Water Tech asserts that “nozzle” should be construed as “a piece used to direct a flow or fluid.” Kokido proposes “a short tube protruding from the pool cleaner used to direct a flow of fluid.” Water Tech objects to Kokido's construction insofar as the patent does not specify length, require protrusion, or reference a tube. The Court agrees that the patent does not invite inferences of length or protrusion. While these limitations appear to be part of the preferred embodiment and are illustrated by the figures, they are not suggested by the claim language itself or the description. As such, there is no basis for importing these limitations into this term. See Arlington Indus., Inc. v. Bridgeport Fittings, Inc., 345 F.3d 1318, 1327 (Fed. Cir. 2003) (declining to restrict the meaning of a claim term based on the description).

         However, though the patent does not require any particular shape of nozzle attachment, the figures depict a nozzle end that is tubular and, throughout the specification, both the nozzle end and the nozzle attachments include a tubular member. For example:

The nozzle pivot interface 42 includes a tubular member 44 to which a particular selected nozzle attachment 36 is removably secured ... . In one embodiment, the nozzle pivot interface 42 has a predetermined width for attachment to standard, commercially available nozzle attachments such as components with widths of about one inch (about 2.5 cm). Col. 3:55-62.

         Indeed, nothing but a tubular nozzle is described or illustrated in either the description or any of the embodiments discussed in the patent. The Court therefore finds that the nozzle is tubular. See Howmedica, 822 F.3d at 1321 (noting that “every description and every figure in the patent that discusses the issue” compelled the same construction). Though the Court need not rely on the extrinsic evidence to reach this conclusion, the Court also notes that both parties' dictionary definitions refer to a tube.[2]Thus, the Court concludes that “nozzle” shall be defined as “a tube directing a flow of fluid.” .

         2. Body

         Water Tech asserts that “body” needs no construction and should be given its plain and ordinary meaning. Kokido proposes: “the main outer casing of the pool cleaner.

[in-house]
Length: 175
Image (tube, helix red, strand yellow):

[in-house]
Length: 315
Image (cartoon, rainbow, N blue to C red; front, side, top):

The intrinsic evidence belies Kokido's narrow interpretation. The specification reflects that “body” (16) refers to the rear section of the device as a whole.

Abstract: The body has a filter, and impeller and motor, rechargeable batteries, and a handle for carrying the body and for maneuvering the nozzle along the surface being cleaned.
Summary: The body houses a filter, an impeller attached to an electric motor, and includes a handle for carrying the body.” A filter housing disposed between the nozzle and the body accumulates the filtered debris.” Col. 1:39-41, 1:44-46.
The body 16 includes hollow sections 18 … which fill with water during immersion so the pool clearner 10 is not buoyant after fall [sic] immersion. Col. 2:56-59.
A pole attachment member 20 extends from the body 16 allowing the extended pole 12 to be securely but removably attached to the pool cleaner 10 … . Col. 2:63-65.

         Perhaps most compelling, Figures 8 and 9 represent "cross-sectional view[s] of the body of the pool cleaner" and illustrate the entire rear section of the device, including its internal components. Figure 9 is most representative:

         (Image Omitted)

         Thus Kokido's construction of "body" as meaning only the outer casing simply does not comport with the intrinsic evidence. "The words of a claim receive the meaning discernible by a person of ordinary skill in the art who has read the entire patent, including the specification, at the time of the invention." SEB S.A., 594 F.3d at 1368. The Court finds that, after reading the entire patent, a PHOSITA would understand "body" without the need for further construction. The Court rejects Kokido's narrow definition and declines to construe "body" away from its plain and ordinary meaning.

         3. Toroidal body

         The parties agree that a toroid is a three-dimensional shape formed by rotating a two-dimensional shape about an axis. For example, a two-dimensional letter "O" (a circle) rotated about an axis forms a three-dimensional donut, i.e., a toroid. A two-dimensional rectangle rotated about its axis forms a cylinder. Kokido asserts that “toroidal” is simply the adjective form of toroid and thus should be construed to mean a complete and symmetrical toroid. Kokido therefore proposes the construction: “a body that is shaped like a toroid and 360° symmetrical.” Water Tech asserts that “toroidal” is broader and does not imply a perfect toroid; in fact, the patent figures preclude such a construction. Water Tech proposes: “a body having a shape generally related to a toroid.

         The intrinsic evidence suggests a broad construction. Terms in a patent document are construed with the meaning with which they are presented in the patent document. Phillips, 415 F.3d at 1316. “The context in which a term is used in the asserted claim can be highly instructive.” Id. at 1314. Here, the context of Claim 1 instructs that an opening in ...